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Care for persons with special conditions/needs

Prince Mohammad Bin Fahd Program for Youth Development

Youth in Saudi Arabia have attracted the attention of governmental and nongovernmental institutions as an eminent category of the society constituting close to sixty percent of the Saudi population. If not well educated and surrounded, youth is at high risk of delinquency and unemployment thus drawing the Saudi society to dangerous social and economical threats. Since a good percentage of youth do not chose the path of higher education, it is crucial to develop technical and vocational paths for them and to develop strategies for these youngsters’ possible careers. Qualifying and employing this category of youth posed a great challenge to the Saudi community. The Ministry of Labor has undertaken a number of projects that aim ultimately at saudization of a variety of professions to decrease unemployment and fight poverty. However, unqualified and inexperienced individuals were not able to assume job responsibilities and thus job retention emerged again as a serious threat to the viability of the measures taken by the public and private sectors to solve this problem.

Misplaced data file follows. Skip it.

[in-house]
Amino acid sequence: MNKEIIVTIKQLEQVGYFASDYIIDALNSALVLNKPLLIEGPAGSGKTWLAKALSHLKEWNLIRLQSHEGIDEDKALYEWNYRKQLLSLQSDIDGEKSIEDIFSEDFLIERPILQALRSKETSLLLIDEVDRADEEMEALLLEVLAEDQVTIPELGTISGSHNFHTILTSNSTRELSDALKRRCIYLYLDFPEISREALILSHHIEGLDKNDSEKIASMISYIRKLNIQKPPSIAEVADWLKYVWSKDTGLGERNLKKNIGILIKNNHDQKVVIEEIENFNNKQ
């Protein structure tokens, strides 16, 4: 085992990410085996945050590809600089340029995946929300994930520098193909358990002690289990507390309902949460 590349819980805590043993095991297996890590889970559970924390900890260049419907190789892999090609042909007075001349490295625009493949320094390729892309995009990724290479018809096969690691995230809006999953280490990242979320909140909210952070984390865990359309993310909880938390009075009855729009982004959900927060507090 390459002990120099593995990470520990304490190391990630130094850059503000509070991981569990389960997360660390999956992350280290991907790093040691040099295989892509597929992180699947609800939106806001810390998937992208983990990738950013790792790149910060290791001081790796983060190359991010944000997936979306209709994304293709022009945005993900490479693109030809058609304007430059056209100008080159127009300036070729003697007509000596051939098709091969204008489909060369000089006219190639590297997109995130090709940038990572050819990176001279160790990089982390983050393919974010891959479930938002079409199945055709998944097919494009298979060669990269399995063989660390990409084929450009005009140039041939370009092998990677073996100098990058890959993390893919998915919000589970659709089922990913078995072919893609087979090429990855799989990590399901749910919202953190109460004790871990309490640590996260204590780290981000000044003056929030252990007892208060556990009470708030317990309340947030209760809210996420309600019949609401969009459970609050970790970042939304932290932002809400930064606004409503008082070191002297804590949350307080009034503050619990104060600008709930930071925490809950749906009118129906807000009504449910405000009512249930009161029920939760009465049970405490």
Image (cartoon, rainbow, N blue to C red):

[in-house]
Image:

In 1998, HRH Prince Mohammad Bin Fahd established an office for youth employment that was housed within the College of Technology in Dammam. In the year 2000, the increasing activities of the office added new aspects to its responsibilities and the Prince incorporated the stage of training before employment to ensure job retention. He therefore envisioned a broader role in that area and initiated Prince Mohammad Bin Fahd Program for Qualifying and Employing Youth. The Program operated in the facility of the College Of Technology until a dedicated modern facility equipped with the latest technologies was donated by the Prince and inaugurated in Dammam in 2005. In 2007, the name of the Program changed to Prince Mohammad Bin Fahd Program for Youth Development which reflected the new vision of HRH of programs and activities that emerge from the need of the youth as seen by themselves . The new approach attracted a bigger number of youngsters thus increasing the efficiency of its achievements. The Program succeeded in employing close to 43, 000 young men and women, training over 35, 000 others during summer programs, and hundreds of targeted workshops and lectures, clubs and a projects incubator. 

The Program has currently branches in Dammam, Hassa, Jubail, Hafr al Baten and Qarea. the late Minister of Interior, HRH Prince Nayef Bin Abdul Aziz gave directives to establish similar programs in all provinces in the Kingdom. The Program won The Dubai International Award for Best Practices to Improve the Living Environment in 2002, and the Sharjah Award for Volunteer Work in 2007.


Committee for Social Rehabilitation